Lack of sleep has been linked to obesity in a new paper that reviews the evidence from a raft of sleep restriction studies.
The impact of sleeplessness on appetite regulation, its impairment of glucose metabolism and how it can raise blood pressure are all explored in the paper, which has been published in a special issue of the The American Journal of Human Biology.
“Obesity develops when energy intake is greater than expenditure. Diet and physical activity play an important part in this, but an additional factor may be inadequate sleep,” said Dr Kristen Knutson of the University of Chicago.
Dr Knutson reviewed findings from experimental and observational studies of sleep and discovered that signals from the brain that control the regulation of appetite are affected by experimental sleep restriction.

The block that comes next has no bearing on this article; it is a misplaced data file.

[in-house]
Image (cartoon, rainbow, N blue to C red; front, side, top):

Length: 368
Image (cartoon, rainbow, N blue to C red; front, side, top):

Cross-sectional associations were noted between getting fewer than six hours sleep and increased body mass index or obesity, while secretion of the hormones ghrelin and leptin - which respectively increase appetite and tell the body when its hunger needs have been met - was found to be influenced by lack of sleep.
This link between poor sleep and increased body mass index appears to be most pronounced among children and adolescents, according to the evidence.